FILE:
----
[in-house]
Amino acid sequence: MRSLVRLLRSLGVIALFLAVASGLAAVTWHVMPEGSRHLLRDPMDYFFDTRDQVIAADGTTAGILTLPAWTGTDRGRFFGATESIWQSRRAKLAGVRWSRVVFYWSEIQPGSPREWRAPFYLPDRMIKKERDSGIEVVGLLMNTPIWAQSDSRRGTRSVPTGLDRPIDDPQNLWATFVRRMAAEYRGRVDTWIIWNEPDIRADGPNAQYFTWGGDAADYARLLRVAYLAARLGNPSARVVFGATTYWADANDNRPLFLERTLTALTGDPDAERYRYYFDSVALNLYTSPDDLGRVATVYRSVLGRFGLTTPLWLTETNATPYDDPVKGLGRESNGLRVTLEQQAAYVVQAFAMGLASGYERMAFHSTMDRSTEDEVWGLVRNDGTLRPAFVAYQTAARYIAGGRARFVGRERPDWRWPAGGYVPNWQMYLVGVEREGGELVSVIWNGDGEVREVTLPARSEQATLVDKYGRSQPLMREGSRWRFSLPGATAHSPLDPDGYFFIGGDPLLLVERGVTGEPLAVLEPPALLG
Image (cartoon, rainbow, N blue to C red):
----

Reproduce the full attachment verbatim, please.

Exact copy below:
[in-house]
Amino acid sequence: MRSLVRLLRSLGVIALFLAVASGLAAVTWHVMPEGSRHLLRDPMDYFFDTRDQVIAADGTTAGILTLPAWTGTDRGRFFGATESIWQSRRAKLAGVRWSRVVFYWSEIQPGSPREWRAPFYLPDRMIKKERDSGIEVVGLLMNTPIWAQSDSRRGTRSVPTGLDRPIDDPQNLWATFVRRMAAEYRGRVDTWIIWNEPDIRADGPNAQYFTWGGDAADYARLLRVAYLAARLGNPSARVVFGATTYWADANDNRPLFLERTLTALTGDPDAERYRYYFDSVALNLYTSPDDLGRVATVYRSVLGRFGLTTPLWLTETNATPYDDPVKGLGRESNGLRVTLEQQAAYVVQAFAMGLASGYERMAFHSTMDRSTEDEVWGLVRNDGTLRPAFVAYQTAARYIAGGRARFVGRERPDWRWPAGGYVPNWQMYLVGVEREGGELVSVIWNGDGEVREVTLPARSEQATLVDKYGRSQPLMREGSRWRFSLPGATAHSPLDPDGYFFIGGDPLLLVERGVTGEPLAVLEPPALLG
Image (cartoon, rainbow, N blue to C red):